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IRA Theft - Loss Deduction

EdCPA99
Level 1

I have a client that fell for online/telephone scam.  Unfortunately, the scammer was able to gain control of her computer and withdrew almost $500,000 from her IRA.  I am not quite sure how to report this for 2021.  It seems that she will need to report the $500,000 withdrawal as income and then claim a casualty/theft loss on Form 4684.  From there is appears that under Rev Proc 2009-20, she would qualify for a deduction of 95% of the loss.  Does that sound correct and is there anything else that I am missing?

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11 Replies 11
qbteachmt
Level 15

"is there anything else that I am missing?"

TCJA of 2017.

"The Impact of the Tax Cuts and Jobs Act on Casualty and Theft Losses

According to the IRS's publication 547 "Casualties, Disasters, and Thefts," "Personal casualty and theft losses of an individual sustained in a tax year beginning after 2017 are deductible only to the extent they're attributable to a federally declared disaster."3 By extension, this means human activities, such as terrorist attacks, theft and vandalism that are not declared federal emergencies by the President are also not covered."

Under what condition would the theft be deductible. in other words. It doesn't seem, for instance, that the money was "rolled" into a bogus investment.

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Terry53029
Level 12
Level 12

You say the thief withdrew the money from her IRA, so what happened to the money

IRonMaN
Level 15

Where is Paul Harvey when you really need him to tell us the rest of the story?

ACME Taxes, Tattoos, Tires and Tasmanian Devils - one free devil with every return.
EdCPA99
Level 1

Unfortunately, the client is elderly and a smooth talking scammer got her on the telephone and was able to connect remotely to her computer.  He told her that her computer had been infected with a virus and that he was from her bank and was trying to protect her account.  He managed to talk her into logging into various accounts including her IRA account and proceeded to transfer a large portion of her financial accounts to overseas accounts.  The majority of it was drawn from her IRA.  Really cleaned her out!  The banks and financial institutions aren't offering much if any help.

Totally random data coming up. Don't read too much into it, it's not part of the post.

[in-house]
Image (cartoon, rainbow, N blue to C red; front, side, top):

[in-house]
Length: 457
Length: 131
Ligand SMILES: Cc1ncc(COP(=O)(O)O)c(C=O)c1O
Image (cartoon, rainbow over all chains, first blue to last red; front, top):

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EdCPA99
Level 1

TCJA is exactly what I am worried about and hoping there is some sort of work around.

The client is already utterly heart broken that she allowed herself to be ripped off like that.  Worse yet, the amount stolen represents the bulk of her retirement savings. 

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BobKamman
Level 15

Why do you consider this income?  Because it's shown on a piece of paper?  But we know that the Internal Revenue Code of 1986 enacts a tax on income, not on pieces of paper.  

Let's say I'm walking down the street and see IronMan, who owes me $100 for a used anvil I sold him last week.  He pulls out his wallet and starts to hand me a Benjamin.  But a thief runs by and yanks it out of our hands just as the transaction is about to be completed.  Do I have income? Do I have a deduction?  Does he still owe me some money?  

sjrcpa
Level 15

There's going to be a 1099-R for $500,000.


ex-AllStar
IRonMaN
Level 15

If she does receive a 1099R, why not report it and then use a negative other income amount to back it off?  Then add a nice statement to the return (that probably won't get read by the IRS on the first pass) saying the 1099R was generated but the taxpayer never received the funds due to some scumbag.  If there is anyone deserving to get COVID and suffer a long and painful death from it, I think these are the people.

ACME Taxes, Tattoos, Tires and Tasmanian Devils - one free devil with every return.
EdCPA99
Level 1

She has income because she withdrew money from her IRA.  That money was immediately stolen.  Obviously if she had money stolen from her checking account there would be no income, but this was a distribution from her IRA.  If for example, you withdrew $10,000 from your IRA and invested it in ABC stock and the stock immediately went belly up, you would still have to report the IRA distribution.

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BobKamman
Level 15

First it was " the scammer was able to gain control of her computer and withdrew almost $500,000 from her IRA."

Now it's "she withdrew money from her IRA."

Just get your stories straight before running it by IRS.  

qbteachmt
Level 15

You asked about reporting this for 2021. Is there still time to report it under the CFPB 60-day rule?

https://www.dwt.com/blogs/financial-services-law-advisor/2021/06/cfpb-unauthorized-transfer-consumer...

 

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